Found some time for an update on this project.

    I may have someone lined up to look after the car's upholstery needs, but things have to be ready first.

    I had the original rear seat armrest panels that are specific to the convertible, but they were in poor condition. I had an extra that another '59 owner had given me for a pattern, its upper section was much better. I drilled the spot welds and removed the upper section.
    \'59 SF convertible 001.JPG \'59 SF convertible 002.JPG \'59 SF convertible 003.JPG \'59 SF convertible 004.JPG \'59 SF convertible 008.JPG
     
  30. big M
    Joined: Mar 22, 2010
    Posts: 709

    big M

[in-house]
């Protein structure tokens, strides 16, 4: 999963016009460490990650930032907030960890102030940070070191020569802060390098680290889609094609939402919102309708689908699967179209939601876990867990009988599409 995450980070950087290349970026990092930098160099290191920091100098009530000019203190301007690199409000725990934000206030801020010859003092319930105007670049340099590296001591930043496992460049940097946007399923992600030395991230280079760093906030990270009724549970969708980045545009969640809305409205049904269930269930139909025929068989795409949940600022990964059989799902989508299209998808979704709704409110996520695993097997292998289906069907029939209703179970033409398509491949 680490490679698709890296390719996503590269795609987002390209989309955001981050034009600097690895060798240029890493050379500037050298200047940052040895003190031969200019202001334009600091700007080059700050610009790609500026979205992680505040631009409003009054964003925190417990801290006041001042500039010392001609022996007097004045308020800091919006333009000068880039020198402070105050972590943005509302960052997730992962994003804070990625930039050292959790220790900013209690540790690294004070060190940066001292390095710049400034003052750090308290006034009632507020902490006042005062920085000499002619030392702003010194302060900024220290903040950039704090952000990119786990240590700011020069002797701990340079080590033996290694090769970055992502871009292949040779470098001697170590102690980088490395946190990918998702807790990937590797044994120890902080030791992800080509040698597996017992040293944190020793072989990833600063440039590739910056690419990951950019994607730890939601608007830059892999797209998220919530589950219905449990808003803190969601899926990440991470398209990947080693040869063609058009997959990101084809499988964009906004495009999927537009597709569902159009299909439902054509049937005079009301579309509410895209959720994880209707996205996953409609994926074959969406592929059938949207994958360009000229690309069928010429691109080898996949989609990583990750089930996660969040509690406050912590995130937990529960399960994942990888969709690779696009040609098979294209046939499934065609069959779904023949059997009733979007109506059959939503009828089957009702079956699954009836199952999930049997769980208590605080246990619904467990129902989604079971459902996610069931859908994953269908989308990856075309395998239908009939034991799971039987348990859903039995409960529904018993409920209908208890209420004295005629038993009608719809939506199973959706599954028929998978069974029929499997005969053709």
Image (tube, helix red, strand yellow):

Member

    On to the rear seat cushions.

    Even though the original seats were decimated by rust, they still worked for patterns. I had always been told that the rear seat cushions were convertible specific, but found it to be part true. I removed the hog rings on a coupe seat lower cushion, and placed it next to the remains of the convertible one. They were the same! This was encouraging, as I was not looking forward to making a new one up.
    \'59 SF convertible 001.JPG \'59 SF convertible 002.JPG \'59 SF convertible 003.JPG \'59 SF convertible 004.JPG \'59 SF convertible 008.JPG \'59 SF convertible 006.JPG